Operationalizing WiFi Data for Real-World Use

At the highest level, our team is determined to translate wireless network data into something useable, to turn computational pings into a readable narrative. Instead of attempting to map human migration patterns explicitly and then deriving some insight from the forest of routes, it is this project’s imperative to consider the metrics that can inform real-world action without following anybody’s footsteps. Technically speaking,

This platform turns raw WiFi data into high-level metrics. These high-level metrics are used to group locations and events by similarity. Using an interface to view these groups, an analyst can reparameterize the grouping criteria to explore spatial and temporal trends.

Importantly, it is not enough to visualize wireless usage or mobility patterns verbatim (er.. verdatum). Instead, we are interested in enabling the users of our platform to explore specific problems of their choice. For instance, if you would like to justify a special bus route between Tech Square and the Student Commons, you can select these locations and investigate their wireless mobility trends over time. Or, if you need to see when employers have come to visit the College of Computing building, you can select a known window of employer visitation to retrieve all times when WiFi behavior was significantly similar.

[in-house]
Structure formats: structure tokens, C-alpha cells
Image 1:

The idea is to focus on places and timeperiods, not high-definition readouts of people’s locations. With this mentality, our platform should be usable in certain specific ways:

pivot options

1. cluster by days (done) As described in a previous blog post, we have already classified days by their 24 hour wireless patterns, and successfully retrieved some insightful clusters that point to daily events. This is useful as a broad, coarse overview of which days are interesting and distinct, and also has its place as a default visualization to present to analysts before they begin analysis.

2. focus on events Next we need to be able to focus in on particular time periods, and then find other times where WiFi data is similar (like the aforementioned employers in the College of Computing example). In a sense, instead of ambiguously classifying days by all of their 24-hour characteristics, this is classifying days by whether a more specific behavior is present. As we are cleaning and processing our datasets, we are also working to determine what kinds of data structures will make operations like this most efficient.

3. focus on locations Similarly, as in the case with the Tech Square to Student Common bus route, it is equally useful to be able to focus on particular locations, and see temporal trends about only these buildings.

4. focus on both Ultimately, combining event and location focusing will give our platform the greatest adaptability to use cases. And, as a final step, if we can manage to include demographic information in these results, the applications to policymaking are endless.

More on these latter components another time. For now, back to developing the data-to-insight pipeline.